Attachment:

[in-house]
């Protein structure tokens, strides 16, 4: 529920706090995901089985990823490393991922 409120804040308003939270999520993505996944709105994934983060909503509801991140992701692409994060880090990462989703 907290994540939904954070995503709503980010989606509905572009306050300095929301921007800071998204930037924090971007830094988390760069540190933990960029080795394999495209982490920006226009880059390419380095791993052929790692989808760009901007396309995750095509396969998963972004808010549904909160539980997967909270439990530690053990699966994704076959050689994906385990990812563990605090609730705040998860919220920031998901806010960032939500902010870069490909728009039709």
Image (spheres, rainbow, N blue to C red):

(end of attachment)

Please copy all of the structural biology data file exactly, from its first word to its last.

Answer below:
[in-house]
């Protein structure tokens, strides 16, 4: 529920706090995901089985990823490393991922 409120804040308003939270999520993505996944709105994934983060909503509801991140992701692409994060880090990462989703 907290994540939904954070995503709503980010989606509905572009306050300095929301921007800071998204930037924090971007830094988390760069540190933990960029080795394999495209982490920006226009880059390419380095791993052929790692989808760009901007396309995750095509396969998963972004808010549904909160539980997967909270439990530690053990699966994704076959050689994906385990990812563990605090609730705040998860919220920031998901806010960032939500902010870069490909728009039709």
Image (spheres, rainbow, N blue to C red):